Finally, simple location is a factor.  We can't really go into Texas or any further east than Colorado, otherwise, things just become too far away.  The only school you could do go that distance for is Texas, because of the hoardes of money they produce, and there is no way Texas is moving to the Pac-10.  This means that we can't go after a TCU or Houston, for example.

Using these criteria, there are a few schools that we often hear about that we can eliminate right off the bat:

Boise State--sorry Boise fans, and this has nothing to do with football.  Boise is an extremely small market that does nothing to help the conference.  Other than football, their sports programs are pretty poor.  And, academically, they're a glorified junior college.  It could also be argued that most of Idaho already lies within the Pac-10's TV footprint due to its proximity with Oregon and Idaho.

BYU--A conservative, non-secular, non-research university that hardly has graduate programs and won't play on Sundays?  There is no way BYU would be allowed into the conference.  To get the SLC market, Utah makes more sense on every possible level and, as I explained above, you wouldn't want both.

Fresno/San Diego/San Jose State--none of these are research universities, disqualifying them right there.  However, the bigger issue for me is that they add nothing to the conference from a TV market standpoint, as all are well within the footprint.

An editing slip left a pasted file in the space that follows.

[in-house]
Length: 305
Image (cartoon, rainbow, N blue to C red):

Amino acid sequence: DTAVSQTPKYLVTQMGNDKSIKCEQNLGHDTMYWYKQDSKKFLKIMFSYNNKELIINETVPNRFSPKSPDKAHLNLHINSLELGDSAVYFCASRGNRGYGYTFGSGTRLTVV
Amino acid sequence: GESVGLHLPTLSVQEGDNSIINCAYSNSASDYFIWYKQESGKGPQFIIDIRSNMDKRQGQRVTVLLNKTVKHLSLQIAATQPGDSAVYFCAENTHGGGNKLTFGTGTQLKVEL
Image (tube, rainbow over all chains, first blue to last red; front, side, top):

Now that we have these pretenders out of the way, lets take a look at what could actually happen.  Here are the top TV markets that are geographically possible:

Denver (18), Salt Lake City (33), Las Vegas (42), Albuquerque (44).  If you're really adventurous, there's also Honolulu (73) and Colorado Springs (91).

Colorado Springs and Honolulu are both relatively very small, and would be the extreme distance outliers of the Pac-10.  We won't see Hawaii or Air Force in the conference anytime soon.

Of the four top-50 markets that would be available to expand into, one thing stands out:  Denver is the gold mine.  The addition of Denver would give the conference eight top-30 markets.  Denver itself adds almost three million viewers, the state of Colorado as a whole almost five million.  Salt Lake City then becomes the next most attractive market at number 33.  This is why you hear about Colorado and Utah as the schools that the Pac-10 is targeting.  This would give the Pac-10 ten of the top 33 TV markets, and all schools except Stanford would be large, academically sound state schools with large enrollments and huge alumni numbers.